SIRT’s mandate in Nova Scotia requires it to publicly release a report summarizing its findings. SIRT will still release a report — though with less detail — if the person affected by police actions is facing criminal charges, Cacchione said.
But in New Brunswick it defers to the police force that asked it to investigate.
RCMP would not provide an interview on the report or say what it found.
Michael Boudreau, a St. Thomas University criminology professor, said he was perplexed by the situation.
„It’s a clear conflict of interest for the RCMP to first ask for this investigation, and then not to release the findings,” Boudreau said.
He said it reinforces the need for New Brunswick to have its own version of SIRT that would require public release of investigations.
Boudreau said such a team would be different from the New Brunswick Police Commission as it would investigate police-involved shootings and tends to be led by civilians instead of former police officers.
The Italian government has announced it will be rerouting cruise ships away from central parts of Venice. This move follows a long campaign by residents to stop large ships from docking in the Unesco-listed city.
Italy’s transport minister Danilo Toninelli said on Wednesday that cruise ships would be diverted away from their current route, reported the Financial Times, therefore banning them from entering the historic grand canal.
Toninelli said he had been looking at temporary ports “to avoid witnessing more invasions of the Giudecca by these floating palaces, with the scandals and risks that they bring.”
In 2018, 502 cruise ships brought 1.56 million passengers to Venice, contributing to the overcrowding already swamping the narrow canals and walkways.
Meanwhile, there are environmental concerns about the impact of ships passing through the Venetian Lagoon and along the Giudecca Canal.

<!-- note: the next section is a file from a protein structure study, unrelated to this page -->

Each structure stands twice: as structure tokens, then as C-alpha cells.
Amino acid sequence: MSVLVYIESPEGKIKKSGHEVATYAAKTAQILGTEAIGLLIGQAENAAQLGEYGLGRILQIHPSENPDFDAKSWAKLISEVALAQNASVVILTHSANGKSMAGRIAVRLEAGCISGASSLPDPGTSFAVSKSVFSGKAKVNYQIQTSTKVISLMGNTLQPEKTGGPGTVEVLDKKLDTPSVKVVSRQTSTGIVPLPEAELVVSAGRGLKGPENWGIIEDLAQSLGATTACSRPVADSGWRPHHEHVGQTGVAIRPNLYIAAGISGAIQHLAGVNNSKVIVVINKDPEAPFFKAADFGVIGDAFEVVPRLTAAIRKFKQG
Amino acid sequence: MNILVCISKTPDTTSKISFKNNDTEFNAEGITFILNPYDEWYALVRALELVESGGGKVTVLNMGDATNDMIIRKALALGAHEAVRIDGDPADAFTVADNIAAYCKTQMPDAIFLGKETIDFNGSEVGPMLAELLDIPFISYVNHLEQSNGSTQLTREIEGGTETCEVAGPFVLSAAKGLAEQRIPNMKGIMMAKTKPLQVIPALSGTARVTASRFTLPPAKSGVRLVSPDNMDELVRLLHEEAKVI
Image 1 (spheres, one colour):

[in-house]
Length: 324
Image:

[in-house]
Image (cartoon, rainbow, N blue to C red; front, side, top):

In June, a collision between 2,150-passenger ocean cruise ship MSC Opera and Uniworld river cruise ship The River Countess (in which four passengers were injured) heightened calls for a ban. Italy’s environment minister Sergio Costa tweeted that the incident confirmed ships must not pass the Giudecca area.
As of next month, some cruise ships will dock at the Fusina and Lombardia terminals away from the city centre but still within the lagoon. However, from next year a third of cruise ships will be rerouted away from the city.
A plan to reroute cruise ships dates back to 2017 when an Italian governmental committee decided that cruise vessels weighing 96,000 tonnes or more would be prevented from docking in the lagoon in front of St Mark’s Square.
Under this plan, larger ships would need to head to a terminal in the industrial port of Marghera on the mainland. Smaller ships, those of 55,000 tonnes or less, would be allowed to continue along the current route.
But works on this new route were expected to take up to four years, and so ships have continued to dock in front of St Mark’s Square.
Andy Harmer, Cruise Lines International Association (CLIA) UK and Ireland director, said: „There is currently no ban in place preventing cruise ships from visiting Venice. CLIA cruise lines have been actively engaged in discussions for a considerable time about using the Vittoria Emanuele Canal as the preferred alternative solution.
„We have been cooperative in simulations and studies that supported the Comitatone [the inter-ministerial committee for planning, coordinating and monitoring Safeguarding of the Venice Lagoon] recommendation. CLIA urges all parties in Venice to reach a conclusion to start the preparation work to prepare the Vittoria Emanuele Canal so we can begin to reroute the larger ships.
“The cruise industry has worked diligently with the Mayor of Venice, the Veneto Region, the Port Authority and many others to find viable solutions to allow larger cruise ships access to the Marittima berths without transiting the Giudecca Canal.
„We are in agreement with the solution developed by Comitatone in 2017 to utilize the Vittorio Emanuele Canal as the best and most prudent means to move larger cruise ships away from the Giudecca. CLIA cruise line members welcome and will support the urgent implementation of this solution.”
Toninelli’s announcement on Wednesday follows Venice’s call last week for other port authorities to unite against cruise ship problems.
Pino Musolino, chairman of the northern Adriatic Sea port authority, wrote to eight other port authorities asking them to “join forces” to oblige cruise lines to „launch ships compatible with our structures and the environment”.
Other popular European cruise ports are seeking to curb cruise ship calls, too.
Last month, CLIA and the City of Dubrovnik signed a Memorandum of Understanding to work together to preserve and protect the cultural heritage of the city through responsible tourism management. This will include managing the number of cruise calls to the ancient city.